August 25th, 2009
07:44 AM ET
June 1st, 2009
03:50 PM ET

Andrew Sullivan: Torture And "Specific Intent"

Program Note: Tune in tonight to hear more from Andrew Sullivan on AC360° at 10 p.m. ET.

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Andrew Sullivan
The Atlantic

I'm not a lawyer so I will leave the legal parsings to others. But I do want to note something quite odd in Andy McCarthy's latest defense of torture as national policy for the US. He wants to argue that those who waterboarded terror suspects were not torturing per se because they were intending to procure intelligence, and not torturing purely for the hell of it.

I don't believe there's much evidence that the intent of the torture program was sadism, although obviously once you condone torture and inhumane treatment of prisoners in any war, the sadism will emerge. And I see no evidence that those who waterboarded Zubaydah were doing it for the evil joy of it (although we don't know who the torturers were exactly in that case, or most others). But this is all irrelevant. The crime of torture is not about sadism. It is specifically about getting intelligence. The UN Convention's definition couldn't be clearer on this:

Read More of Andrew Sullivan's blog posts...

May 29th, 2009
11:56 AM ET

Can good people become evil?

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What happens when you put good people in an evil place? Does humanity win over evil, or does evil triumph? These are some of the questions posed in a 1971 simulation of prison life conducted in the summer of 1971 at Stanford University.

The Stanford prison experiment was a study of the psychological effects of becoming a prisoner or prison guard. The experiment was conducted in 1971 by a team of researchers led by Psychology Professor Philip Zimbardo at Stanford University. Twenty-four undergraduates were selected out of 70 to play the roles of both guards and prisoners and live in a mock prison in the basement of the Stanford psychology building. Those selected were chosen for their lack of psychological issues, crime history, and medical disabilities, in order to obtain a representative sample. Roles were assigned based on a coin toss.

Take a look at the Stanford Prison Experiment web site, which features an extensive slide show and information about this classic psychology experiment, including parallels with the abuse of prisoners at Abu Ghraib.

Filed under: 360° Radar • Torture
May 22nd, 2009
03:28 PM ET

Administration struggles to find a workable Gitmo plan it can sell


[cnn-photo-caption image=http://i2.cdn.turner.com/cnn/2009/images/04/08/art.getty.holder.jpg caption="Attorney General Eric Holder is tasked with pioneering a legally feasible plan to close the Guantanamo Bay military prison."]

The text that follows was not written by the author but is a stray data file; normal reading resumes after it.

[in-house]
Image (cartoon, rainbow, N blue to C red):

Attorney General Eric Holder's Guantanamo Review Task Force is struggling to sort the prison detainees into five neatly ordered lists, as government lawyers try to somehow fashion a plan which will clear expected legal challenges while satisfying skeptical lawmakers and a nervous public.

Every turn appears more complicated as the weeks pass.

On the immediate heels of a demand by Congress for a clear and specific plan for emptying Guantanamo, one of President Barack Obama's top aides, David Axelrod, promised Thursday that Congress would receive such a plan, and declared the president's address Thursday represented a "framework for a plan." Administration officials indicate the plan itself is probably months away.

During an address on national security at the National Archives in Washington, Obama defended his decision to close the detention center at Guantanamo, and he outlined categories in which to separate the remaining detainees.

The framework calls for putting the names of the 240 remaining detainees into five piles, then trying to resolve the legal complexities of each.

The first group, which government sources and defense attorneys estimate at several dozen detainees, would be brought to the U.S. and tried for crimes in civilian courts. But those cases would be limited to instances in which prosecutors believe they can win convictions under criminal procedures and rules of evidence. Those would include competent legal representation, defendant's Miranda rights, direct witness testimony absent hearsay, and sharing with the defense "Brady" material — evidence which could help their case.

The government identified only one name on that list Thursday when the Justice Department announced Ahmed Khalfan Ghailani, indicted in the East Africa embassy bombings, would be tried in New York. Major terrorist figures have been successfully prosecuted in New York amid tight security.


Filed under: Raw Politics • Torture
May 18th, 2009
08:35 AM ET

Why Obama should release photos

[cnn-photo-caption image=http://i2.cdn.turner.com/cnn/2009/POLITICS/05/14/holder.detainee.photos/art.iraq.gi.jpg caption="Photos were leaked in 2004 showing U.S. troops abusing detainees at Abu Ghraib prison in Iraq."]

Fawaz A. Gerges
Special to CNN

Justifying his dramatic reversal of the decision to release photos showing abuse of detainees by U.S. soldiers in Iraq and Afghanistan, President Obama argued publication would "further inflame anti-American opinion and put our troops in greater danger."

In fact, world opinion, particularly that of Muslims, would likely view the release of these horror images as representing a rupture for the better in American politics and foreign policy. America would be seen as reclaiming its high moral compass and affirming its respect for human dignity.